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Fallout 76 T-51b collector’s helmet recalled after potential mold exposure

Fallout 76

If it’s not one thing, it’s another with the games industry. Every week, something goes wrong in the world of video games, and this week it’s another screwup from a rather controversial brand and company on the hook, in this case it’s Fallout 76. The limited-edition T-51b Power Armor Helmet manufactured by Chronicle and then sold at GameStop has been recalled due to a mold exposure issue. This does not apply to the Power Armour Edition of Fallout 76, instead it applies to a Nuka-Cola styled helmet. It appears that the fabric on the inside of the one-size-fits-all wearable helmet tested positive for toxic mold spores in several samples, prompting a recall of multiple manufacturing runs. Though recall isn’t at all the fault of Bethesda themselves, the manufacturing issues certainly casts even more poor light on Fallout as a brand, as well as GameStop and manufacturer Chronicle.

QA failures aren’t uncommon, and recalls happen everyday, but it’s fairly rare for the video game segment of the global economy to be affected in such a way. The recall appears to affect about 20,000 units that have been distributed through the retailer’s online store. So far, no incidents of illness or hospitalization have been reported related to this incident, so that’s great. According to the U.S. Consumer Product Safety Commission on this issues, mold exposure can lead to “risk of respiratory or other infections in individuals with compromised immune systems, damaged lungs, or an allergy to mold.”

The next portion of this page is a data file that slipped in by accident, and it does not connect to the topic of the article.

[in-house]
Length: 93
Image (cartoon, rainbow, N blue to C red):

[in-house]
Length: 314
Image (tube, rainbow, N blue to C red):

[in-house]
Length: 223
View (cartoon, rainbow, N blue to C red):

Now what can you do if you’re affected?

GameStop is offering a $150 refund for owners who return their T-51b collector’s helmet. There are multiple avenues to report a defective helmet and claim your refund, either via phone at 800-883-8895 or their email [email protected], using “Product Recall” as the subject line).

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This whole mess couldn’t have come at a worse time for GameStop, as the retailer is struggling to stave of bankruptcy after accruing billions in debt. The company has tried to innovate in various ways, most of which failed to pay off or have yet to see long-term gains for the retailer, like a rental program. And as stock price plummets and hundreds of stores close, this latest snafu won’t be helpful for their outlook.

And things are looking only a little better over at Bethesda as it concerns Fallout 76. Although the game got a huge marketing push pre-launch, and has continued to get new content and expansions post-launch, it has certainly been a long road A $200 Power Armour Edition, which included another version of the aforementioned helmets (thankfully not contaminated by mold)was billed as including a high-quality canvas bag, but Bethesda cheapened out and went for a much worse nylon bag instead, angering fans immensely.  A terrible microtransaction scheme was made all the more worse when Bethesda offered a pittance to make up for this slight as well. Overall, the game has been regarded by many fans of the franchise as an abject failure riddled with bugs and a lack of refinement.

Source: U.S. Consumer Product Safety Commission

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